“Why is it that the growth of ISIS has not been tracked to its source, including the source of the massive flow of weapons, cash and training to extremists fighting against Bashar Assad? Why has none of the countries that have given such largesse been held to account for the creation of a militia that is in the process of setting up a state which will serve as the base for operations against Europe?” – Prof Madhav Nalapat
Islamic State of Iraq and Syria (ISIS) has developed into an international menace and is emerging as the biggest threat to global security. Hence it has become imperative to understand the circumstances that led it to become a powerful terror outfit. Its roots can be tracked to the operation in 2011 by Turkey, France, Qatar, the United Kingdom and other countries to topple the Muammar Gaddafi government in Libya. Once that was accomplished, this group of countries turned to Syria to overthrow Bashar Assad, again by arming, training and funding extremists to engage in a gory battle. It is these fanatics who form the core of what is now called ISIS. And eventually what was evident to a limited few during 2011 has now become obvious to the world.
The US-UK-France invasion of Libya and replacement of Libyan dictator Muammar Gaddafi with a congeries of warlords has turned the country into a melting pot. While Gadaffi was certainly a capricious dictator, and prone to flights of fancy and hyperbole, the reality is that during his rule, the people of Libya had jobs to go to, houses to live in, and food to eat. Healthcare systems were adequate and even foreign education was encouraged.
The turning point came when Gaddafi surrendered his stock of Weapons of Mass Destruction (WMD) to the US and the UK, as well as a trove of intelligence information about the way in which his team had dealt with terror groups across the globe. With this information in hand, several dozen terrorists were quietly rounded up as a result of such sharing of information, many by Gaddafi’s own secret service, headed by Moussa Muhammad Koussa (a Libyan political figure and diplomat, who served as Minister of Foreign Affairs from March 2009, into the Libyan civil war, and resigned his position from the Gaddafi regime on March 30, 2011).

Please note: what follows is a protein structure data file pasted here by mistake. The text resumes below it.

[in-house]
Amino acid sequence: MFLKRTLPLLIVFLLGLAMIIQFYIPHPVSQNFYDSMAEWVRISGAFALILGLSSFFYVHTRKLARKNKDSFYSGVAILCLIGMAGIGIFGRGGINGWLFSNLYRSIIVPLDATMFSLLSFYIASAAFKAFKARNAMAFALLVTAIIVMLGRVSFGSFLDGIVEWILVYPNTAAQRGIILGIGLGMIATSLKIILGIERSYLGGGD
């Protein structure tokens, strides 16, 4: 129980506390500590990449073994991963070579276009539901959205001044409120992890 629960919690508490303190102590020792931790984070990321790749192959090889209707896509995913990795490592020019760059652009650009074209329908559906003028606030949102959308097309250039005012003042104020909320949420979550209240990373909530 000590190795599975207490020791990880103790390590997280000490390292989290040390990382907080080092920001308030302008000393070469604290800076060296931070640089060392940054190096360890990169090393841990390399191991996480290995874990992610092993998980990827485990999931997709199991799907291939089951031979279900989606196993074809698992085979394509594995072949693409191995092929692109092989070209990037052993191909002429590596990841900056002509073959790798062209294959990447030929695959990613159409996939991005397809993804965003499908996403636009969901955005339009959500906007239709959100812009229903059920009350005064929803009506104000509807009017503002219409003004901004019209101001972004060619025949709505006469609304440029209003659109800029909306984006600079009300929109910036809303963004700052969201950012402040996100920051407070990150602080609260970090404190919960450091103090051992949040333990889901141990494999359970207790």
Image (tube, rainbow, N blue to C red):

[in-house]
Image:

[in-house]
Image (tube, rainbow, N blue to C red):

There were reports that the Libyan dictator even bankrolled the election campaign of selected French and Italian politicians, besides paying out a huge amount to the relatives of those killed in the Lockerbie air disaster (270 men, women and children had lost their lives in the bombing of Pan Am Flight 103 over Lockerbie, Scotland on December 21, 1988), despite the fact that the evidence linking his regime to the crime was entirely circumstantial and based on hearsay. Certainly there were plenitude of cheques flowing from Libyan coffers to miscellaneous individuals and institutions in the US and Europe.
In a telling example of how it is not possible to “bank” goodwill with the North Atlantic Treaty Organisation (NATO) powers (they simply pocket the concessions made and promptly demand a fresh installment, rather than reciprocate in ways other than cosmetic), none of the many concessions and cash doles made by Gaddafi prevented Nicholas Sarkozy, then President of France, hence from drafting UK Prime Minister David Cameron and US Secretary of State Hillary Clinton in his “Get Gaddafi” campaign. In the guise of saving civilian lives, they collectively condemned more than 60,000 Libyans to death in the military campaign against the Libyan armed forces, with further tens of thousands dying each year because of warlordism and other problems.
Infact, it was the manner in which the war against the USSR was fought in Afghanistan which gave birth to al-Qaeda. After the collapse of the Taliban in 2001, the organisation was in dire straits. The Libyan operation revived al-Qaeda and gave it cash, sanctuaries and recruits on a scale not even seen except during the 1990s, when Bill Clinton assisted the group to take over Afghanistan. This post-2011 gift of oxygen to a terror force comprising of Wahabbi extremists was reinforced by assistance given by some GCC countries (political and economic alliance of six Middle Eastern countries—Saudi Arabia, Kuwait, the United Arab Emirates, Qatar, Bahrain, and Oman. established in Riyadh, Saudia Arabia, in May 1981) and NATO to arm fighters battling the Bashar Assad regime in Damascus. The spillover has been widespread from that fateful decision to battle Muammar Gaddafi and later Assad with the same cocktail tried out against the Soviet Union in Afghanistan.